Both the scriveners of the rim and the suits in the front office–not to mention newspaper readers everywhere–owe a lot to Pam Robinson.
Since 1997, she has demanded and won a voice for the soldiers who battle in the wee hours to protect accuracy, fairness, clarity, and common sense. As a co-founder and the first president of the American Copy Editors Society (ACES), Robinson has “changed the landscape for copy editors,” says Lynn Louie of the San Jose Mercury News.
More than anyone else, Robinson, whose day job is acting as Newsday’s link to the Los Angeles Times-Washington Post News Service, has made copy editors visible. She has extolled their qualities, demanded their rights, explained their genius, and maybe, most of all, created a structure in which they can gather, marvel in their diverse sameness, and collect energy for the midnight travails to come.
The process began when the Human Resources Committee of the American Society of Newspaper Editors organized meetings in 1995 at the University of North Carolina to identify the problems besieging copy editors and in 1996 at the University of Kentucky to discuss solutions.
Around that time, Robinson created Editors Ink, surveying copy editors about their work situations and posting the results on the Web. Some of the people she talked to had been involved in the first two ASNE meetings, and she was invited to the third, at the University of Kansas.
Merv Aubespin of The Courier-Journal in Louisville, Ky., the ASNE committee chairman who proposed those meetings, remembers that “Pam was vocal.”
It is no accident that some friends know Robinson as “Pambo” (which rhymes with “Rambo”). She is, we shall agree, vocal. “She has stubbornness,” Aubespin says. “But she also has the ability to stroke people at the same time. She can make you laugh.”
The other ACES co-founder, Hank Glamann, now of The Plain Dealer in Cleveland, recalls the Kansas meeting. “There was much enthusiasm but little organization,” he says. He and Robinson decided that there should be a formal society, something not contemplated by the ASNE panjandrums.
“She was primarily responsible for pulling together the constitution and the bylaws,” Glamann says. “She almost single-handedly created copydesk.org,” the ACES website.
Gene Foreman, who followed Aubespin as ASNE committee chairman and is now a professor of journalism at Penn State, says, “She is a great organizer and a tireless worker. She is passionate about copy editing and copy editors. It was her vision and sheer willpower more than anything else that made things work.”
Beryl Adcock, then at The Charlotte Observer and now in Knight Ridder’s Washington bureau, remembers another important aspect of the Robinson administration: “Pam insisted from the start that copy editors run the organization. Input from managing editors and other higher-ups was welcome, but they were not to decide the direction of the group.”
Well, yes, copy editors decided. But they had a leader. Oh, did they have a leader.
Robinson organized and got ACES members to conduct surveys on the working conditions and lifestyles of copy editors, on how they were hired, and on what their problems were at smaller papers. While Lynn Louie worked tirelessly on the planning, negotiating, and logistics for the group’s annual conferences–can you imagine 500 copy editors in one place?–Robinson arranged the programs.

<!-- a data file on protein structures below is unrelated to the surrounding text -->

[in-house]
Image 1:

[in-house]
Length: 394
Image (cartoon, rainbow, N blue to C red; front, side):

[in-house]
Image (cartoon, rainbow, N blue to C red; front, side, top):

“She knew whom to talk to, who were the top people in any field,” Lynn Louie remembers. “Much of what ACES has accomplished, Pam is responsible for. The rest of us helped, but most of it was in her head.”
Not that ACES was a one-woman show. At the beginning, there was Bill Cloud of the University of North Carolina at Chapel Hill. There was Glamann. There was Louie. There was Anne Ferguson-Rohrer of The Washington Post. There were Janet Cleaveland and Melissa McCoy, John McIntyre and Thad Ogburn, Mary Frances Monckton and Chris Wienandt and Gene Zipperlen, among others.
But mainly, mostly, always, and everywhere, there was Pam Robinson.
She recruited Maurreen Skowran, now of The News & Observer in Raleigh, N.C., to create a headline contest for society members. “She gave me enough room to do the job,” Skowran says, “while staying close enough to guide and encourage me. She recognizes what needs to be done. But she also recognizes that individual people make things go. And she remembers those people as people.”
Remembering people as people is a large part of Robinson’s leadership style.
“She’s eager to get others involved and let them be more visible,” says Louie. “She doesn’t yearn for the spotlight but shares it with others so they can learn and grow. She was always matching young people with potential mentors.”
In Skowran’s eyes, Robinson “values people individually and collectively and makes people feel important.” As a newcomer to copy editing, Skowran recalls, she went through difficult periods, sometimes concerned about repetitive-stress injury, sometimes frustrated in an unsatisfying job. When things seemed bleakest, Robinson would be there with needed but unsolicited advice.
“She inspires ‘followership,’ ” Skowran says. “She never seems to sleep. She is an amazing woman.”
She’s a leader.